Examples of some standard tools for Prakriti assessment:
The standardized, validated and universally acceptable tools to assess Prakriti also are not available and this makes the situation even more difficult. There are a few good tools that are available to assess Prakriti. One of them is displayed in video. We have designed it and it has been validated and tested for its reliability to a reasonable level. It is published in a good journal but the problem with this tool is that it is self-reporting tool. This tool has to be handed over to the patient and or person and then the person will report. There are possibilities that the person may not report it properly or the doctor might assess some traits more easily than the patient himself. So, there are certain problems with self-assessment kind of Prakriti questionnaires. CDAC came out with a very good tool called ‘Prakriti Vichaya’ Ayu Soft software and that has been used quite widely and there are several papers that have been published based on this AYU Soft Prakriti assessment tool and recently Central Council for Research in Ayurvedic Sciences has come up with ‘Ayur Prakriti Web Portal’. This is a tool that has been standardized and it is available. Ayur Genomics, IGIP group of researchers they have developed their own tool to identify Prakriti.
There are multiple tools available and people use different tools for their research work and that is the problem with the generalizability of the results of these research findings. So, we need to resolve this issue of multiple tools and finally we need to one day come out with a single tool that would become universally acceptable.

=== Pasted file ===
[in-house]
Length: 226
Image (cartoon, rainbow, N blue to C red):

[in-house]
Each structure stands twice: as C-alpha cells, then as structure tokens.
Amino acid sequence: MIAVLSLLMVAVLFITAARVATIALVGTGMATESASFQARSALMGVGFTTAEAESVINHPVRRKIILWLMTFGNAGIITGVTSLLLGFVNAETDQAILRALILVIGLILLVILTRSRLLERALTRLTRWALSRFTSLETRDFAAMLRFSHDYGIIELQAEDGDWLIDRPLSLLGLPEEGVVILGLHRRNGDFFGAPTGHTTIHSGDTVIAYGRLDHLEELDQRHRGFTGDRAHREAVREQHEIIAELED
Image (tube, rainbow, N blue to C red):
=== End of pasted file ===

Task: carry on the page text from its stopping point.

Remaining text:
Few examples of recent researches:
- “Genome-wide analysis correlates Ayurveda Prakriti, whole genome expression and biochemical correlates of extreme constitutional types defined in Ayurveda”. Also has shown that there is some considerable correlation between whole genome expression and the individual Prakriti.
- “EG-LN1 involvement in high altitude adaptation revealed through genetic analysis of extreme constitutional types defined in Ayurveda”.
- “Traditional medicine to modern pharmacogenomics, Ayurveda Prakriti type and CYP2C19 gene polymorphism associated with metabolic variability”. This is the paper that suggests the correlation between metabolic variability and this genetic polymorphism. This was one of the early papers in this domain HLA gene polymorphism and the concept of Prakriti in Ayurveda.
Expectations out of a good paper that is based on Prakriti based research:
We have come out with a recent paper where we have suggested some good reporting practices for Prakriti based research. This is the paper that we have authored and we have outlined the problems that are there with the assessment of Prakriti and how one should report the papers or research findings based on Prakriti and what are the minimum expected descriptions that should be there in such papers.